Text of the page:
ideal home h 2016This wonderful movie, "Ideal Home," could not have come at a more symbolic time from a standpoint of the dialogue that is occurring in this country.  I'm not going to stand up and say it's an important movie but it sorta is.  Because it's about people, not stereotypes or labels, and we need so much more of this and less of that.   We need to be reminded that no one category of men or women has an exclusive on love, relationships, anger, or pain.

    Paul Rudd and Brit Steve Coogan play an odd-couple, gay couple.  Actually, let's take the "gay" out of the equation and just say couple.  Odd is optional but wholly accurate.  Rudd is a producer/director who sometime longs for a bigger stage (the Rachael Ray show) and Coogan is a world-renowned chef who can be "fabulous" anywhere.  They live in the Southwest in a stunning home and have a nearly-perfect life.  They entertain the mayor, shoot Coogan's cooking show and bicker constantly. 

    Unfortunately, their little slice of paradisaical routine has become familiar, stale and toxic.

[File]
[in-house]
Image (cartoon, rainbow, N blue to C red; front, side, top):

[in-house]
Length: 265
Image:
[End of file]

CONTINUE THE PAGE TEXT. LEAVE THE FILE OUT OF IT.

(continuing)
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    Jeff Lyons Event - Anatomy of a Premise Line

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    JOIN US ON MARCH 4th, 10:00am to learn from noted story analyst Jeff Lyons how to identify and fix problems in your story BEFORE you begin to write.

    Anatomy of a Premise Line: How to Master Premise and Story Development for Writing Success is the only book of its kind to identify a seven-step development process that can be repeated and applied to any story idea.



    WHAT: Seminar & Bruncheon Cost includes Breakfast Buffet

    WHEN: Saturday, March 4th TIME: 10:00-2:00

    WHERE: Claim Jumper Restaurant Banquet Room 18050 Brookhurst St, Fountain Valley, CA 92708 (714) 963-6711

    HOW MUCH: $22.50 in advance $25.00 at the door.

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    cardinal caI admit that I am a sucker for these shows.  A body is found or a person is killed and a flawed detective has to solve the crime.  Along the way will be surprises, twists, solid drama and a killer you probably could guess - well, maybe.

    "Cardinal" is just such a series Giles Blunt’s acclaimed crime novels "Cardinal" takes place in the cold climes of the North Bay, Ontario.

    Let me also say that 10 episodes can be a long sit.  With ten episodes the attenuation of actual narrative thread is almost always guaranteed.  "Forbrydelsen" at 20 episodes didn't seem long at all; The American version, "The Killing" did.  So maybe it's just the way the story is told.  But I like that I like that "Cardinal" is six.  That means that we won't have to put up with much filler and we'll get more actual connected story.